The Government, by its action in the first half of September, decided that Sir George White must defend Natal for about five weeks[A] with sixteen thousand men against the bulk of the Boer army, which was likely to be double his own force. It was evidently expected that he should hold his ground near Ladysmith and thereby cover Natal to the south of the Tugela. This double task was quite disproportionate to his force. If Ladysmith had been a fortress, secure for a month or two against assault, and able to take care of itself, the field force using it as a base could no doubt have covered Natal. But in the absence of a strong place there were only two ways by which a small force could delay the Boer invasion. The force might let itself be invested and thereby hold a proportion of the Boer army, leaving the balance to raid where it could, or the campaign must be conducted as a retreat from position to position. For a general with ten thousand men and only two hundred miles of ground behind him to carry on a retreat in the face of a force double his own so as to make it last five, weeks and to incur no disaster would be a creditable achievement. Sir John Moore is thought to have shown judgment and character by his decision to retreat before a greatly superior force, commanded it is true by Napoleon himself. Moore when he decided to retreat was about as far from Corunna as Dundee is from Durban, and Moore's retreat took nineteen days. He had the sympathy if not the effective help of the population, and was thought to have been clever to get out of the trap laid for him. Sir George White seems to have been expected as a matter of course to resist the Boer army, to prevent the overrunning of Natal by the Boers, and to preserve his own force from the beginning of October to the middle of November.[B] The Government expected the Boers to attack as soon as they should hear of the calling out of the Reserves, that being the reason why the Reserves were not called out earlier. Therefore Sir George White's campaign was timed to last from October 9th to November 15th (December 15th). I conclude that the force to be given to Sir George White was fixed by Lord Lansdowne at haphazard, and that the calculations of the military department were put on one side, this unbusinesslike way of playing with National affairs and with soldier's lives being veiled from the Secretary of State's mind by the phrase, "political reasons." But the "political reason" for exposing a Nation's troops to unreasonable risks and to needless loss must be bad reason and bad policy. Mr. Wyndham has had the courage to assert that there was no haphazard, that his chief knew quite well what he was doing, and that "the policy which the Government adopted was deliberately adopted with the fullest knowledge of possible consequences." If these words in Mr. Wyndham's speech of October 20th mean anything, they mean that Lord Lansdowne and Mr. Wyndham intended Sir George White to be left for a month to fight against double his number of Boers; that they looked calmly forward to the terrible losses and all the risks inseparable from such conditions. That being the case, it seems to me that it is Mr. Wyndham's duty, and if he fails, Lord Lansdowne's duty, to tell the country plainly whether in that deliberate resolve Lord Wolseley was a partner or an overruled protester. Ministers have a higher duty than that to their party. The Nation has as much confidence in Lord Rosebery as in Lord Salisbury and the difference in principle between the two men is a vanishing quantity. A change of ministry would be an inconvenience, but no more. But if the public comes to believe, what I am sure is untrue, that the military department at the War Office has blundered, the consequences will be so grave that I hardly care to use the word which would describe them.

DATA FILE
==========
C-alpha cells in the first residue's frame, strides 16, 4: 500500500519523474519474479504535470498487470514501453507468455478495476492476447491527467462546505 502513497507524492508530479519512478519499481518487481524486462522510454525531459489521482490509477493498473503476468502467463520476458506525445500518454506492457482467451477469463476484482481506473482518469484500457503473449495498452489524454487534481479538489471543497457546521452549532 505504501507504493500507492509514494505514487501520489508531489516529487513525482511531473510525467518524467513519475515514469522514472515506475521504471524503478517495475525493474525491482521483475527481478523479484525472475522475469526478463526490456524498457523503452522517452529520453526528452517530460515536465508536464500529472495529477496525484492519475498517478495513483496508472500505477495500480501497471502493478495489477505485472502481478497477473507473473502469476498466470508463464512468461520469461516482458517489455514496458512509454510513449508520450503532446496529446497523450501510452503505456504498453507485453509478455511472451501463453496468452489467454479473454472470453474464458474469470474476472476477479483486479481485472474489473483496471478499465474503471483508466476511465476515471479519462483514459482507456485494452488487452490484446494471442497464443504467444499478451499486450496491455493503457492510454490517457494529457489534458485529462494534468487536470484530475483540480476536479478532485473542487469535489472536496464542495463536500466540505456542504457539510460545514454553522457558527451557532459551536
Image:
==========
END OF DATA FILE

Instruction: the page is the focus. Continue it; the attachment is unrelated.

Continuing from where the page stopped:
I accept the maxim that it is no use crying over spilt milk or even over spilt blood, but the maxim does not hold when the men whose decision seems inexplicable are in a position to repeat it on a grander scale. The temper of the Boers as early as June left no doubt in any South African mind that if equality of rights and British supremacy were to be secured it would have to be by the sword. The Government alone among those who cared for the Empire failed to realise this in time. That has been admitted. The excess of hope for peace has been condoned and is being atoned for on the battlefields of Natal. But to-day the temper of Europe leaves no room for doubt that, in case of a serious reverse in Natal, Europe if it can will interfere. Have Mr. Goschen and Lord Lansdowne worked out that problem, or is there to be a repetition in the case of the continental Powers--an adversary very different from the Boers--of patience, postponement, and haphazard? It is not the situation in South Africa that gives its gravity to the present aspect of things, but the situation in Europe. Upon the next fortnight's fighting in Natal may turn the fate not merely of Natal and of South Africa, but of the British Empire. That this must be the case was plain enough at Christmas, and has been said over and over again. Yet this was the crisis which was met by sending to the decisive point a reinforcement of ten thousand men to do the best they could along with the six thousand already there during a five weeks' campaign.